For a few weeks there, it seemed as if America especially its political leaders had forgotten about the country's economic woes.
The talk in Washington was about the "inevitability" of another terrorist attack, the shortcomings of its intelligence agencies, and the president's proposal for the new Department of Homeland Security. Not surprisingly, terrorism reappeared as Americans' No. 1 concern.
But along came telecommunications giant WorldCom and its misplaced $4 billion. Suddenly, Washington is snapping to attention. President Bush is planning a major address on corporate responsibility when he visits Wall Street July 9. Congress is wearing a familiar expression of studied concern, with the House holding hearings on WorldCom July 8, and the Senate taking up accounting-reform legislation when lawmakers return from the Independence Day holiday.
Behind much of the attentiveness, though, lies a fundamental political calculation: The Democrats believe they finally have an issue they can use against a popular president, while the White House is trying to get out front on a subject that could pose serious problems for the GOP particularly if other economic problems deepen.
"The perfect storm comes when you have a sagging economy, a burgeoning deficit, and plummeting investor and consumer confidence," says Marshall Wittmann, a political analyst at the Hudson Institute here. We have indications of all three, though not yet at gale force intensity, and that does not bode well for the Bush administration or Republicans in this fall's congressional elections, he says.
Indeed, a new strategy memo by the Democratic group Democracy Corps argues: "Voters are very ready to believe that the Republicans have given free rein to an ethos that rewards irresponsible behavior by the powerful, at the expense of employees and ordinary investors."
Already, candidates across the country have been scrambling to address the issue in their campaigns. Out in the heartland, Iowa congressional hopeful John Norris faulted his opponent, GOP Rep. Tom Latham for inaction and proposed a "corporate accountability" plan of his own.
On the offensive, President Bush has spoken forcefully of the need for corporate responsibility since the WorldCom news broke last week. At the same time, he has sought to reassure Americans that most business leaders are honest and that the country's economic fundamentals are sound. In his radio address Saturday he emphasized that executives guilty of fraud "will do jail time."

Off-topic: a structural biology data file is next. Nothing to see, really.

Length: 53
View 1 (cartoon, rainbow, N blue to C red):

Recent opinion polls show that Americans' concern about the economy is just as strong as the terrorism issue. According to the new bipartisan Battleground poll, the economy and jobs essentially tied with terrorism as the top concern among voters.
When asked which aspects of the economy worried them most, the top responses were healthcare costs and retirement security issues where Democrats traditionally have an advantage.
Meanwhile, a poll released last week by the nonpartisan Pew Research Center found that only a third of Americans believe the president is "doing all he can" on the economy. At the same time, while his overall job approval rating remains at an enviable 70 percent, his score on handling the economy has slipped from 60 percent in January to 53 percent, according to the Pew poll.
Given the rolling news of corporate scandal, "there's a real chance now though we're not there yet that this could turn into a serious partisan issue," says government expert Norman Ornstein, of the American Enterprise Institute here. This could happen, he says, "by reinforcing with a vengeance the stereotype of Republicans as the party of big business."
More scandals could have a "cascading effect" on the economy, driving down the stock market, increasing unemployment, and leading to "that dreaded double-dip recession," says Mr. Ornstein.
One way for Bush to avert that contingency is to shore up investor confidence. That entails the president devoting consistent attention to the subject of corporate responsibility, says Cynthia Latta, economist at DRI-WEFA. "It's not something where he can come out once and say something needs to be done with it. It's something where people have to be sure it's generated enough investigation and long-term action," she says.
In March, the president laid out a 10-point plan on corporate ethics, including the forced return of profits which executives gain from false statements. A version of his plan passed the GOP-controlled House, while legislation pushed by Maryland Democratic Sen. Paul Sarbanes is gaining ground in the Senate.
The Sarbanes bill is perceived as providing tougher enforcement. It enhances auditors' independence by restricting consulting services they can provide, and creates a regulatory board that Democrats see as more independent.
Mr. Wittmann suggests the president has to do more than window-dressing on this issue. This is an "opportunity" for Bush to emulate the trust-busting spirit of Republican President Teddy Roosevelt, Wittmann says.
"This is a classic TR moment. But we don't know whether this administration has the inner fortitude to bite the hand that has fed them corporate America."
Liz Marlantes contributed to this report from Washington.